Olivier Messiaen (1908 – 1992) was one of the most celebrated composers of the 20th century, and yet he characterized himself as a “rhythmician, ornithologist and theologian”. His life and work were grounded in his profound Catholic faith. Vingt Regards sur l’Enfant Jésus (Twenty Contemplations on the Infant Jesus) is a towering masterpiece for solo piano and explores various aspects of the Christian faith, from the love of God the Father for His Son, via the contemplations of the Virgin, the Angels and the Cross, to the celebration of the Church.
“More than in all my previous works, I searched here for a language of mystical love, at once varied, powerful and tender, sometimes brutal, in a multicolored harmony.”
Messiaen took inspiration from many sources and brought ideas together in an ingenius way. In writing the Vingt Regards he gathered images from artists as varied as Durer, Michelangelo and de Cirico; quotations from (among others) Thomas Aquinas, St. Thérèse de Lisieux, the Song of Songs, Revelation, and the gospels; concepts from physics, astrophysics, surrealism and Buddhist philosophy; as well as Hindu and ancient Greek rhythms. He loved birdsong and notated the calls of birds worldwide; many of these transcriptions are incorporated into Vingt Regards.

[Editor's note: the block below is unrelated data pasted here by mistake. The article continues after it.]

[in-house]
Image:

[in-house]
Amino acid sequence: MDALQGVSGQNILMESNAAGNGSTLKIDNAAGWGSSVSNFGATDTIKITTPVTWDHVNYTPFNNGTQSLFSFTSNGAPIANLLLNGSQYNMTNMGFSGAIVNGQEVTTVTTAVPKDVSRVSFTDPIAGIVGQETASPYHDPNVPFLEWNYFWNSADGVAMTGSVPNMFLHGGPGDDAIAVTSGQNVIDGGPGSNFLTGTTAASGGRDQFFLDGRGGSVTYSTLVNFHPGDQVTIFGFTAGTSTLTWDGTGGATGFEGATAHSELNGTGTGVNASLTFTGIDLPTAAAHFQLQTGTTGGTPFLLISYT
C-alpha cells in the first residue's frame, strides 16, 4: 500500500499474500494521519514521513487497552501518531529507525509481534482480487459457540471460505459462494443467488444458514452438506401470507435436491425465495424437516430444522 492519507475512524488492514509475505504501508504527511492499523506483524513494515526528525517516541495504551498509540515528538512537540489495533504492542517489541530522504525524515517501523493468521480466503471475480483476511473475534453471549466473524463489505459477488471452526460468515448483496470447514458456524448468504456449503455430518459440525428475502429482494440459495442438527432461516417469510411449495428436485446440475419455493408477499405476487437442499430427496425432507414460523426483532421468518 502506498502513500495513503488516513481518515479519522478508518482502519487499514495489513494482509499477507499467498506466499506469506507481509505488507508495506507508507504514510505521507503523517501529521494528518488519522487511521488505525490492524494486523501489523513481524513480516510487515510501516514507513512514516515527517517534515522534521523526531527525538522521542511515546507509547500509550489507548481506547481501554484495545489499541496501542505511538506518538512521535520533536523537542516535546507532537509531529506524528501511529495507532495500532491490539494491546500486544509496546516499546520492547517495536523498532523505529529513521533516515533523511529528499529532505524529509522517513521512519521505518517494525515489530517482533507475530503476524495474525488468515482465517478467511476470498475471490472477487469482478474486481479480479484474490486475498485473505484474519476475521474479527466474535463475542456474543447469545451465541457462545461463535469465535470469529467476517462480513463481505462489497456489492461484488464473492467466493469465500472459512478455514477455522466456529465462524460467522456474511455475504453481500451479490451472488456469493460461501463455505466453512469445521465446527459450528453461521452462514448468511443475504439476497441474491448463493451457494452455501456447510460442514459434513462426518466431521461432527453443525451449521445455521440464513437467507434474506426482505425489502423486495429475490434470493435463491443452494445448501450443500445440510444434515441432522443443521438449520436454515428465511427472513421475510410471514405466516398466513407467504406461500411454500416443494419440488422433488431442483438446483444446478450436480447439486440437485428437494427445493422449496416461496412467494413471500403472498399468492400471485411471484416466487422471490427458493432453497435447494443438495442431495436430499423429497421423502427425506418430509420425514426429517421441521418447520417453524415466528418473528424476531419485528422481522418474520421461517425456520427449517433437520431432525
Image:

“The greatest influence on me, by a long way, is birdsong…
They were the first to make music on this planet”
Messiaen was a synesthete: he saw colours in his head as he heard sounds. Combinations of these colours were fundamental to his compositional process and he was inspired by the dazzling effect of colour mixtures in stained glass windows.
“Each sound-complex is linked to a colour-complex that is always the same.”